Wednesday, April 11, 2007

Can a Blog Cure Cancer?

Readers of The Aldersgate Gazette represent the top tier of pastors, theologians, seminary faculty and other people with way too much time on their hands. AG is pleased to present its first Readers’ Poll to compile a picture of the typical Gazette connoisseur.

The primary purpose is to provide a marketing profile so that we can make gobs of money. Also, one editor mentioned some baloney about the mission of Jesus and serving our readers.

You are invited to participate by completing the survey between now and May 20, 2007. A report will appear in the Gazette on May 25, and will include representative responses from our readers.

EDITOR'S NOTE: The 2007 Readers' Poll has been completed. Look for the results on May 25.

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Sunday, April 08, 2007

Pastor Finds Empty Church on Easter Sunday

Gerald Calvin, Staff Writer

As she does every Sunday morning at around 9:00, Joanna Terry was putting the finishing touches on her sermon. This Easter sermon was to be a mixture of joy and sorrow for the pastor of St. John’s Presbyterian Church in Seattle. The church is an old one and has been serving downtown Seattle for 82 years. Like many other downtown churches across the land, however, the congregation of St. John’s has experienced a steady decline.

The sermon Terry was to preach this Easter morning was the one to announce the death of the church. She would tell the people that their service to the community was laudable, but the time had come to let go. There was no more life in the church.

Terry never preached that sermon. She arrived about ten minutes before the service--her usual time--in order to avoid the inevitable distractions of parishioners telling her about burnt out light bulbs or dirty restrooms. Something seemed odd, however, as she approached. There were even fewer cars than usual in the parking lot. She did not see the car of the head usher, and wondered if anyone had even opened the front door to the church.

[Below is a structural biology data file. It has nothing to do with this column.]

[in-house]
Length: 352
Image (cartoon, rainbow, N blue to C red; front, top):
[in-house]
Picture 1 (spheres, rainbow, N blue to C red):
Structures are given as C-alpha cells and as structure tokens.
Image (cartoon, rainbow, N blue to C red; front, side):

Terry pulled on her robe as she entered the sanctuary. She stopped immediately, stunned. She checked her watch, and indeed, it was nearly 10:00am, the start time for worship. But no one, not one soul, not even old Mrs. Parker, a woman who had sat in the same pew every Sunday for 73 years, was present. The building was completely empty.

The 47-year-old pastor looked around and finally saw a well-dressed man standing near the piano. He said to her, “I’ll bet you are looking for your people. Well, they aren’t here.” He nodded toward the front door and said, “They all left. I’ve never seen a bunch of folks with so much energy. They were alive.” Terry said that the man emphasized the word “alive” so sharply that a chill went down her spine.

The man continued, “Don’t you remember how they told you they were going to leave this place? At that last meeting they said they were tired of waiting around for the leaders to do something about the Gospel, and they were just going to go.”

Terry says she did remember something like that, but, as she went back to her office, she tried to figure out what to do next. Her seminary training never prepared her for anything like this. She called her good friend and colleague, Carl Goodrich, a pastor in a nearby suburb.